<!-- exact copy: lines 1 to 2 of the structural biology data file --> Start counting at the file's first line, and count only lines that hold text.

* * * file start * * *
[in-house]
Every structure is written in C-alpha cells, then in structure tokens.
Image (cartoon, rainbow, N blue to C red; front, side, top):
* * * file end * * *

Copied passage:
[in-house]
Every structure is written in C-alpha cells, then in structure tokens.